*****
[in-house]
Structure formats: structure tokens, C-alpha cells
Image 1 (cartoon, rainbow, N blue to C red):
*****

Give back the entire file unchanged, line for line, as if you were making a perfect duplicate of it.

[in-house]
Structure formats: structure tokens, C-alpha cells
Image 1 (cartoon, rainbow, N blue to C red):